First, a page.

Afterwards

            If I could choose where I’d like to be and my choices were Chicago on the morning of November 3rd or anywhere in the United States on the morning of November 9th, I’d select Chicago. Wouldn’t it be fun to be in the middle of a celebration of a World Series victory after 108 years of waiting? Sadly, I won’t get that choice. Like most of us, I’ll be here, at home on the morning after next Tuesday.

            This is an important election and I hope that every member or friend of Thompson Church who is eligible to vote will do so, after having prayed and sought God’s wisdom. It’s the duty of Christians to be invested in the welfare of the places we consider our temporary homes. That’s why I believe that Christians have to be prepared to get to work on the morning after.

            I received an invitation from a local Presbyterian pastor to be included in a letter that will be sent to the editors of the Bucks County Intelligencer. Here’s a draft of the letter:

            This morning, we awoke to the results of an election that has bitterly divided our nation.  It is tempting to proclaim winners and losers and to treat this election cycle like a sporting match where one party has emerged victorious at the expense of the other.

But to do so would be a grave mistake. In the aftermath of such an election season we will all need to work diligently to repair the damage done. Those who founded this country believed that there is more that unites us than there is that divides us. The candidates who celebrate victory on election night must rise in the morning prepared to govern for the good of all people, including those who voted against them.  To forget this is to forget the history of this great nation, to forget the ideals and the hope of government of the people, by the people, for the people.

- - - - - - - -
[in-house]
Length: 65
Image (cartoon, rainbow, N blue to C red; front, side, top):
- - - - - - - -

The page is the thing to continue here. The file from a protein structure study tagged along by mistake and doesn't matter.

We are leaders of faith communities that, for centuries, have had many disagreements.  And yet, we believe that what is more important than those things that divide us are those things that bring us together.  In that spirit, our prayer for our community and for our nation is that we might set aside the rancor and bitterness of the campaign season in order to remember that we are Americans together. Together, we pray for the wisdom to remember the challenge of Isaiah: that our life together depends upon our ability to turn the swords and spears of hostility and division into the plowshares and pruning hooks of peace and unity.

May God be with us all, and the wisdom of the Divine guide those who lead the people, this day and every day. Amen.

Speaking only for myself and not for our congregation, I will add my name to the list of clergy women and men, as will our Associate Pastor, Bailey Heckman. I agree with those who wrote these words that I now need to be ready to work for the good of our community. We will do that as a congregation two or three days before the election as nearly 170 of us will leave the church to be the church in our community. We can do more as a church and we will do more. And I will sign up for that any day of the week.